Circle Dev supports the development of your Sustainability Strategy
Approach & Methodology
Our approach is collaborative, based on a balance between rational analysis and emotional alignment of the stakeholders. We also strive for a healthy balance between capturing short term benefits from low hanging fruits and developing long term strategy and deliverables.
We can either :
– deliver tailor-made solutions based on a specific request related to your sustainability development needs
– or follow a general framework to develop your Sustainability Strategy. Each of the steps described hereunder is optional and can be adapted according to your progress in your sustainability journey
General framework to develop a Sustainability Strategy
Step 1 - Purpose definition and objectives
The starting point is a dialogue with the CEO and/or management team. This dialogue includes a review (or definition) of the company’s “Purpose Statement”. At the same time, we will discuss initial goals, resources, budget, and timeline. It is also about assessing the willingness of the management team to change, whose involvement is essential to the success of the sustainability journey.
Step 2 - Stakeholders dialogue
This step includes the identification of the internal and external stakeholders, including the broader environment. We need to engage selected stakeholders through different channels (surveys, workshops, 1-to-1 interviews…) in function of their position on the interest-power matrix. Using different available material (internal documents, SDGs, examples from other companies… ), the aim is to align on sustainability objectives, to get early buy-in and to list as many sustainability options as possible.
Step 3 - Analysis and formulation of strategic options
We now have a long list of potential strategic options in the areas of environment, social and governance (ESG). In this phase, we need to establish a “double materiality” matrix that assesses the value of each option for stakeholders and for the company. Using this “double materiality” matrix, we can rank potential strategic options according to their value.
Step 4 - Prioritisation (financial, strategic, feasability)
The main options retained in step 3 should be evaluated and prioritised combining 3 dimensions : financial assessment (including potential subsidies), strategic assessment and feasibility. At this point, decision needs to be taken on which options are retained and budget and timeline should be assigned to each of them.
Step 5 - Measurement and Reporting
Measuring and reporting sustainability transparently is increasingly important. Not only to give visibility and improve the company’s reputation, but also for shareholders and access to capital. Global processes and reporting standards are in place (GRI – Global Reporting Initiative) and provide good guidance. A number of regulations making these standards mandatory are already in place for large companies and will soon be in place for SMEs. Based on the outcome of step 4, specific targets (KPIs) are defined for each selected option on the short, medium and longer term.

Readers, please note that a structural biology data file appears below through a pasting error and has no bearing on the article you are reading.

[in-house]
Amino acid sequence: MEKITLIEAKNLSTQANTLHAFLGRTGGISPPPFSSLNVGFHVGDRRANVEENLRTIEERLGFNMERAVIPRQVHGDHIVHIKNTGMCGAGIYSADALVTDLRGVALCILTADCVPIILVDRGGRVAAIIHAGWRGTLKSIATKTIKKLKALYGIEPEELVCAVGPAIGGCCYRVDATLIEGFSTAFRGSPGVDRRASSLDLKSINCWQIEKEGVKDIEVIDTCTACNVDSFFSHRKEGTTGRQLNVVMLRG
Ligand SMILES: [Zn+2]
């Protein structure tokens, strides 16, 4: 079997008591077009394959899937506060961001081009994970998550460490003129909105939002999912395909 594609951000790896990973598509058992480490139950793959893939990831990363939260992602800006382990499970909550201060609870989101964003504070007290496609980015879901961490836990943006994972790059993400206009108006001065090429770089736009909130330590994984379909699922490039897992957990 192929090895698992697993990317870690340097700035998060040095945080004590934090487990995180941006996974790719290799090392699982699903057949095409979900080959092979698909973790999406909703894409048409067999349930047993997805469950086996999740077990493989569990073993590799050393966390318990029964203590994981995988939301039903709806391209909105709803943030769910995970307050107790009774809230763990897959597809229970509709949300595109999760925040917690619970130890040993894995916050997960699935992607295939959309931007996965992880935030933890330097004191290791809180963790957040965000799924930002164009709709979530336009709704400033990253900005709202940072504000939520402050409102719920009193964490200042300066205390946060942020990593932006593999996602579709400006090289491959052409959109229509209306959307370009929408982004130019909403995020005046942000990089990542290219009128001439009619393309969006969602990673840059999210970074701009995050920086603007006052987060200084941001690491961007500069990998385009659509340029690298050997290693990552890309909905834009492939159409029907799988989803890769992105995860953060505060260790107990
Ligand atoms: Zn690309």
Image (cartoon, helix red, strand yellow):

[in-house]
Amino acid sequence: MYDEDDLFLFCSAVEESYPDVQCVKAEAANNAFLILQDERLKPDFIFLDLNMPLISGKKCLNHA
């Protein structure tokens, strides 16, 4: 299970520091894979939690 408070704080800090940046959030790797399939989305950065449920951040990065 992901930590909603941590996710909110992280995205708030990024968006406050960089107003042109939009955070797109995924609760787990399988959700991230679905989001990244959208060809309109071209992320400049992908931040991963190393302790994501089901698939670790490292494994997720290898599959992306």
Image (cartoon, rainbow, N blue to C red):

Step 6 - Emotional aspects and communication plan
Much attention needs to be paid to the integration and motivation of key stakeholders, especially employees. A well thought-out communication plan is essential to get people on board with your company’s goal and your sustainability initiatives. We need to speak to the head, but also to the heart. Balanced and transparent external communication on sustainability achievements and plans also contributes to a stronger corporate reputation.
Step 7 - Implementation
Sustainability strategies are less often (fully) implemented than general strategies. Communicating the plan but not implementing it is likely to have a significant negative impact on the company’s reputation. Regular checkpoints are needed to ensure that we not only reap the low-hanging fruit as soon as possible, but also that we complete the steps in time to achieve the medium and long-term objectives within the agreed timeframe. Processes need to be adapted to include the appropriate governance tools to carry out these regular reviews.
Step 8 - Labels
Measuring and reporting on sustainability improvements can also facilitate access to labels such as the EU Ecolabel, B Corp, Ecovadis, etc. These labels are becoming increasingly important for gaining customer acceptance and appreciation, access to capital and improving the reputation of the company.
Step 9 - Continuous improvement
Sustainable development is a never-ending journey. How do we implement continuous improvement in business processes and governance? How do we ensure that our strategy evolves in line with the needs of consumers and society? How do we correct the trajectory when we deviate from the objectives? These are some of the key issues that need to be addressed here.